When the White House announced plans for President George W. Bush to visit Sarasota in early September 2001, Terry Lewis and Kevin Kenney, of the Sarasota County Sheriff’s Office, knew they would be dealing with the usual planning and logistics that revolve around such an occasion.
At least for Lewis, then a colonel, the extra work would be tempered by the opportunity to catch up with a good friend who had become a member of the Secret Service’s SWAT-type team.
“We had kind of watched this guy grow up” in the Sheriff’s Office, Lewis said, before the friend, Rob Buster, joined the Secret Service.
“I saw (Buster) briefly at the airport (on Sept. 10, 2001) and said, ‘Why don’t we get together for a beer tomorrow evening?’ The last time I saw him (he) was in one of those big black Suburbans following the president,” Lewis said. “We never did get that beer.”
On the morning of Sept. 11, Lewis was among the law enforcement personnel who accompanied the president to Emma E. Booker Elementary School. Kenney, now a major, was the Sheriff’s Office helicopter pilot waiting at the Venice Municipal Airport.
“I was due to pick up a Secret Service agent to conduct the motorcade cover from the hotel to Emma Booker,” Kenney said. “When I got to the airport … it was unseasonably foggy, so I had to cancel the motorcade cover.”
Kenney took the opportunity to watch the news at the hangar as he waited for the fog to lift. As soon as he learned about the second airliner flying into the World Trade Center towers, he contacted the Sheriff’s Office personnel with the president.
At that point, even though the flying conditions were still not ideal, a member of the Secret Service detail asked Kenney if he could launch the helicopter. Kenney was told not to worry about picking up an agent; the Secret Service just wanted him to get to Sarasota-Bradenton Airport as quickly as possible. “So that was what I did,” Kenney said.
Fortunately, the fog had started to lift, and the further north he flew, the clearer the sky grew.
As he approached the airport, Kenney radioed, as usual, for clearance to enter the airspace. The air traffic controllers refused permission, he said, because the FAA had been rushing to ground all air traffic.
Kenney asked if by any chance a Secret Service agent was in the tower. When he received an affirmative, he communicated to the agent a code word he had used the previous day with the presidential detail. The agent then told the tower to clear him to enter the airspace.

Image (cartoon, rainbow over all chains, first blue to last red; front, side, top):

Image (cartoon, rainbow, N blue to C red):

By the time he was hovering over Air Force One, Kenney said, the president’s motorcade was coming around the corner of the main terminal. The Secret Service then directed him to fly the airport perimeter and to be on the lookout for any suspicious vehicles or groups of people. He continued his surveillance for the 10 or 15 minutes it took the Secret Service to get Bush and the other members of his team board Air Force One.
“They really loaded him up quickly and got him out of there,” Kenney said.
Then, Kenney said, the Secret Service told him to fly to the opposite end of the runway, so the Boeing 747 could take off.
After Air Force One had departed, Kenney started noticing numerous vehicles parked along the streets all around the airport.
“It was amazing how many people showed up in that short time frame,” he said. “They just wanted to see Air Force One take off, and that was quite a sight.
“I’ve never seen a plane that large take off that steeply. It was impressive.”
In spite of the gravity of the morning’s events, Kenney said he didn’t recall stress. Rather, he said, “It was chaotic. It was very chaotic on the (Sheriff’s Office) radio.”
Lewis reflected on being at Booker Elementary as part of the security detail, which included Sarasota Police Department, Florida Highway Patrol and Manatee Sheriff’s Office personnel.
“Just to be in the same room with (Bush) was pretty cool,” he said. “Being part of history was fascinating.”
After the president had flown away, Lewis said, “There was very much a sigh of relief. Then it was just the shock of what had occurred.”
The Sheriff’s Office did have one more responsibility at that point, Lewis said. Personnel also had to protect all the security and communications equipment the Secret Service was forced to leave behind on Longboat Key, in the rush to move the president to a secure location.
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